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O22-3 Occupational exposure to chromium, nickel and cadmium, and prostate cancer risk and in a population-based case-control study in montreal, canada
  1. Audrey Blanc-Lapierre,
  2. Mounia Rhazi,
  3. Hugues Richard,
  4. Marie-Elise Parent
  1. INRS-Institut Armand-Frappier, Laval, Canada

Abstract

Metal-related occupations have been associated with prostate cancer (PCa) risk but little data exist on metal exposures per se. We examined the association between lifetime occupational exposure to chromium VI (CrIV), nickel (Ni) and cadmium (Cd) compounds, and PCa risk in a large population-based case-control study.

Methods Cases were 1933 men with histologically-confirmed incident prostate cancer (PCa), aged ≤75 years and diagnosed between 2005 and 2009. Concurrently, 1994 population controls from the same residential area and age distribution were randomly selected from electoral lists. Detailed lifestyle and work histories were collected during in-person interviews. Chemists used job specific information from questionnaires to provide semi-quantitative evaluations of concentration and frequency (% of work-day exposed) of exposure to chemical agents, including toxic metals, and a measure of confidence in the evaluation. Logistic regression was used to estimate odds ratios (OR) and 95% confidence intervals for PCa risk associated with exposure to Cr, CrVI, Ni and Cd.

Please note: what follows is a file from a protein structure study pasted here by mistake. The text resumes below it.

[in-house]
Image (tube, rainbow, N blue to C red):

Results Ever exposure to Cr (9%), CrVI (7%), Ni (5%) or Cd (2%) was similar among cases and controls. The risk for non-aggressive PCa (Gleason score < 7 or [3+4]) did not vary according to duration of exposure to any level or to substantial level of Cr, CrVI, Ni or Cd. However, the risk for aggressive PCa (Gleason score > 7 or [4+3]) was significantly increased with ≥25 years of exposure to any level of Cr (OR = 1.68 [1.05–2.69]) or Ni (OR = 2.25 [1.28–3.94]), and to a substantial level of Cr (OR = 2.77 [1.34–5.76]), CrVI (OR = 2.69 [1.28–5.66]) or Ni (OR = 3.80 [1.36–10.57]). The positive associations observed with Cr exposure disappeared when excluding subjects ever exposed to Ni.

Conclusion Our results suggest that long exposure to nickel, or to both nickel and chromium, may increase the risk for aggressive PCa.

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